Today, the family includes David's wife, Blair Kohan, a partner at UTA; Jenji's husband, author Christopher Noxon; and his showrunner sister, Marti Noxon (Bravo's Girlfriends' Guide to Divorce). For Buz's kids, TV "didn't seem like a pipe dream," says David. "I remember being on set, seeing cameras and lights. I thought, 'This is where grown-up things happen.'" It's no wonder, then, that his daughter, Olivia, 22, is a PA on Will & Grace. — Mark Morrison
"We all speak movie," actress Jordan Ladd, 42, says of her family. It started with her grandfather Alan Ladd, an Arkansas native who became one of the biggest stars of the '40s and early '50s in film noirs like 1942's This Gun for Hire and the iconic 1953 Western Shane before his death from an accidental drug overdose in 1964.
"He was at the top of his game, but I had no idea what he did until I was about 6 and first saw him on film and shouted, 'That's my dad,'" says his son and namesake, Alan Ladd Jr.
His father didn't encourage "Laddie," as he came to be known, to enter the business. But his son loved movies — as a student at USC, he'd haunted the big movie palaces in downtown Los Angeles — and "because I couldn't get into any of the guilds," Laddie became first an agent at Creative Management Associates, then moved his growing family to London, where he cut his teeth as a producer, before finally returning to Los Angeles in 1973 to join 20th Century Fox, where he was named president three years later.
"Initially, I think he felt overshadowed by his father's career," says Laddie's daughter Amanda Ladd-Jones, 45, who recently completed a documentary, nine years in the making, about her dad, Alan Ladd Jr: The Man Behind the Movies.
As he put his stamp on Fox — famously greenlighting Star Wars after United Artists and Universal turned it down; suggesting to Ridley Scott that the lead in Alien be played by a woman — the press stopped referring to Laddie as "the son of," recognizing him as a force in his own right.
Kelliann Ladd, 56 — the eldest of his four daughters who would become a producer of films like the Robert Redford starrer An Unfinished Life — recalls how her dad, known as a low-key, gentlemanly exec, gave her an early look at Star Wars while it was still in development. "I read a bunch of the treatments and scripts —which was cool — except for the version that was all about droids," she laughs. She theorizes that he made female-focused movies like Jane Fonda's Julia and Sally Field's Norma Rae in part because he was surrounded by women at home. "Well, I certainly wasn't afraid of women — those films all had good scripts with great actresses," says Ladd, now 80, who left Fox to create The Ladd Co. in 1979, which turned out films like the best picture winner Chariots of Fire. "Movies like The Right Stuff and Chariots of Fire won all the awards, but it was the Police Academy movies that made the money for us," he says. Ultimately, he would earn a personal Oscar himself as a producer of 1995's Braveheart.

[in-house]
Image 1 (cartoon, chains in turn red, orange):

Meanwhile, Laddie's half brother David Ladd, 70, was carving out his own career. Entering acting as a teen, he co-starred as a kid with his father in The Proud Rebel, only to move into producing in his mid-30s with films like Wes Craven's The Serpent and the Rainbow before serving as an exec at MGM during most of the '90s. "I had a pretty good run when I was young," he recalls of his earlier acting days, but his parents insisted he complete college, and when he returned to acting, "it wasn't as gratifying. I quickly knew I wanted to be on the other side of the camera."
For Jordan — David's daughter from his marriage to actress Cheryl Ladd and best known for her work in Death Proof and Cabin Fever — joining the family business was inevitable. On Sunday nights, she says, the entire clan met at Laddie's home, where, after dining on cold cuts from Nate 'n Al, they'd screen the latest films, "watching Missing and Dead Men Don't Wear Plaid, maybe films we shouldn't have been watching as kids. But we became well-versed in cinema, which always held a magic for me." — Gregg Kilday
Sidney Poitier made Oscar history in 1964 as the first African-American to win best actor, for Lilies of the Field. He was knighted by Queen Elizabeth a decade later, and in 2009 was awarded the Presidential Medal of Freedom by President Barack Obama. But the film legend is vehement about how he discouraged his six daughters from going into showbiz. (Poitier also has eight grandchildren and three great-grandkids.) "No, we wanted them to become doctors and lawyers!" he exclaims, referring to first wife Juanita, now 87, and wife Joanna, 74, both pictured.